Roberto Pérez is a great base runner, I’ve always said that. No, really, since the first words I wrote on Let’s Go Tribe, I’ve always said that. Roberto Pérez may not be fast (he “doesn’t have a second gear”, as his own third base coach put it), but he is as intelligent as they come when it comes to working his way around the bases.
Tonight Bebo’s combination of slow speed and high awareness manifested itself in a triple, followed by a swipe of home on a wild pitch. It was a glorious sequence of events, none of which looked pretty in the typical sense, but all of which worked.
Pérez slid to the outer half of the bag/plate with his arm extended both when he narrowly finished the triple and when he scored. Both times the swipe from the defender went high and Roberto was confident from the moment he touched the base/plate that he was safe. He wasn’t even finished with the slide at third before he pleaded with the umpire to make sure he knew he wasn’t tagged on time.
When an embeddable video of the triple becomes available I’ll be sure to edit it in. In the meantime, just enjoy the awareness and hustle that it took to score this run.
After all that — giving the Indians the lead in the third — Bebo plunged the dagger in the eighth with this two-run shot, his 15th of the season.
Let’s just get it out there — Roberto Pérez is amazing. I can understand why he’s not an All-Star this season, but it’s coming if he keeps this up. So are the Gold Gloves that he covets.
When you come down from the high of Roberto Pérez turning on the wheels and mashing big dongs, take a moment to enjoy Mike Clevinger finally getting back on track. After going full Sonic the Hedgehog with his spray chart last week, Clevinger owned the outer edge of the plate this time around with a fastball that touched 98.7 mph (!!!) and a curve that kept Royals batters off balance all night.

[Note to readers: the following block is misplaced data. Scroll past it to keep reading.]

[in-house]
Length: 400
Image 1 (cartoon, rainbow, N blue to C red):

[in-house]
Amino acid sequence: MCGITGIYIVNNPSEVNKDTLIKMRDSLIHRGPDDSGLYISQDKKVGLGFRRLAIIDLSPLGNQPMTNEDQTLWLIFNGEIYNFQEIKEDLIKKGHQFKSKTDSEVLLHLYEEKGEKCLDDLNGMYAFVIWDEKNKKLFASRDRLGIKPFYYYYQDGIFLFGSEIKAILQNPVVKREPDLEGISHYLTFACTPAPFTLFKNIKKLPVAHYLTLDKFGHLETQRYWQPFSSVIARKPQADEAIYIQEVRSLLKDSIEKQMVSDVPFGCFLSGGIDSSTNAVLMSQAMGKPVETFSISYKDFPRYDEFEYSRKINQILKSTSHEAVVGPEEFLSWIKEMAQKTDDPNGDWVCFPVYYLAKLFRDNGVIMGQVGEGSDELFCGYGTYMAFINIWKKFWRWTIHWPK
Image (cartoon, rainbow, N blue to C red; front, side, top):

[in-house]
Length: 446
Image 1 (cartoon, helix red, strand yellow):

Probably not coincidentally, he hit that high mark right after Matt Underwood and Rick Manning spent several minutes talking about how Clevinger needs to learn to contain his emotions and not be so amped up every time he pitches.
It was undoubtedly Clevinger’s best start since his return from the disabled list, and he showed signs of his pre-back injury self in the outing. His final line on the night was zero earned runs off four hits with nine strikeouts and no walks in six innings of work.
Following up Clevinger’s performance was Nick Goody, who has started to solidify himself as the next dependable reliever at Tito’s disposal. I’ve grown to never trust these types for long, but if he can keep playing the way he has for a full season or so — ala Dan Otero 2016 — then sign me the hell up.
Tonight, Goody pitched two perfect innings — meaning he thankfully didn’t walk any of the six batters he faced. That’s a great sign for a guy that couldn’t stop walking guys for a solid month upon his own return from the injured list.
For whatever inexplicable reason, Terry Francona decided to use Brand Hand for the second game in a row tonight. Despite the Indians being up by four with no reason to continue to burn out his best relievers arm, Brad Hand was thrust out there yet again and allowed two of the first three batters to reach base before shutting the door on the win 4-0 win. Baffling that he was out there to begin with, especially considering the nine-man bullpen the Indians are carrying — but hey, what do I know?
As of the final out of this contest, the Twins are losing to the Athletics, 3-1. Minnesota is on the verge of dropping their third straight, and the Indians are about to close the AL Central gap to six games. I don’t want to fire up the hype train too soon, but the Tribe face the Royals again tomorrow, the Reds over the weekend, then wrap up the fist half of the season with a three-game set against the Twins next week. It’s in range, folks.